Decent entry level Cycling Shoes?
I'm on the fence on whether to buy clipless pedals and cycling shoes. Before I head to my LBS, I want to get an idea of some decent entry level cycling shoes and possibly pedals that go with it.
- nodopenomoreLv 76 years agoFavorite Answer
You will be happy with cycling shoes. I have three pairs and all happen to be Specialized brand but that doesn't mean much. Those are just one brand that my local shop sells and when I tried they fit me fine. So try and see.
About the 2-bolt 3-bolt systems, I recommend the 2-bolt with recessed soles. Don't get confused, while they are called mountain shoes, that is because the 2-bolt system was first used for mountain bikes. Today they make road shoes using that system. Yet it is difficult to change the mind set of people. One of the advantages of 2-bolt recessed shoes is that you don't need cleat covers to carry around. You also can walk around the bike with easy if you have a flat. You can also walk inside buildings without scratching the linoleum or hardwood and being asked to remove your shoes. In a recent ride to a winery, several club members hat to remove their shoes.
They make equally hard shoes with 2-bolt and 3-bolt systems. I have one older pair that is 3-bolt and a newer pair that is 2-bolt. Both ate constructed the same with a hardness of 5-6 so both help equally to transfer power to the pedal. The 2-bolt is 50 grams heavies because has more rubber on the bottom but that is not a big deal unless you are racing.
i have seen 2-bolt shoes without recessed soles and that is bad news. Remember, the idea is 2-bolt with recessed sole.
- Markus ImhofLv 76 years ago
Road or mountain?
If you want to go SPD, then 'road' shoes come with a flat sole and exposed cleat, while 'mountain' shoes come with a profiled sole and recessed cleat. Not all pedals will work well with the recessed cleats, thoough.
Similar for pedals - 'road' pedals usually have _just_ the lock-in mechanism, while 'mountain' pedals usually have a cage around. Some of those pedals you can clip in from both sides, some only on one while you can use regular shoes on the other side, and with some the mechanism can kind of fold down into the cage if you want to ride with regular shoes.
Personally, I prefer the 'mountain' versions and single sided pedals. The (new) Shimano PD-T 780 look nice.
- MtrlpqbikerLv 76 years ago
With shoes, fit is everything so something that works for me might not for you. So the recommendation is that you try as many pairs on as you can and buy the ones that fit you best even if you have to pay a few extra dollars. Good shoes can last for many years. I have shoes that are over 10 years old and still in good shape. Pedals will depend on your bike and how you ride. There are 2 basic types of cleats, 2 bolt and 3 bolt for off and on road respectively. You can use 2 bolt cleats for both on and off road riding, but 3 bolt cleats are only for on road. The shoes will have to be chosen for the type of pedal that works best for you, keep that in mind when buying the shoes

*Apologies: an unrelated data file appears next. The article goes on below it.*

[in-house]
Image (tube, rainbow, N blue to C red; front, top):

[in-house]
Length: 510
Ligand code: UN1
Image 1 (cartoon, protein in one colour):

- Holden McGroinLv 66 years ago
A clipless system will definitely make your pedaling more efficient, however, consider what type of riding you will be doing and ask yourself if you are you willing to carry an extra pair of shoes with you when you ride? Walking around in expensive and uncomfortable clipless shoes is not such a good idea. You may consider mini toe clips as an alternative. While they won't make your feet one with the bike they provide some improvement in pedaling efficiency, are easy to step out of in an emergency, and you can ride with your regular athletic shoes. I use both in different situations. If I'm going downtown and will be walking around on pavement when I get there I take my bike with the MTCs and if I going for an exercise ride out on the open road I like the clipless on my road bike. Jus something to consider. You can find descent clipless shoes for $70 to $120.
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- PeteRLv 66 years ago
I recommend some sort of "mountain bike" shoe - which will have the cleats recessed into the shoe. It makes walking around when you get where you're going more comfortable and less damaging to the 7/11's floor.
- OldHippieLv 76 years ago
You can get pedals online DIRT cheap. But the shoes I recommend you buy locally - so you can try them on. Can't get any cheaper than $21.50!!!
Shoes are another story. Expect to pay at least $90 to $110. I paid $100 for my Shimano M077 shoes.
- hummerhead2002Lv 76 years ago
Check out the Five Ten Maltese Falcon or Hellcat ( both are SPD types) and match it w/ the TIME Z clipless pedals ---all in blueskycling.com---
- John MLv 76 years ago
Get the shoes at the local bike shop so you can make sure they fit. Get the pedals online to save money. You want SPD shoes so you can walk around.
- WleAtl-2Lv 76 years ago
you can walk in the shoes
road shoes, you can;t
- Anonymous6 years ago
I've had these for a while, but they only come in my size. http://www.highsnobiety.com/uploads/RTEmagicC_pain...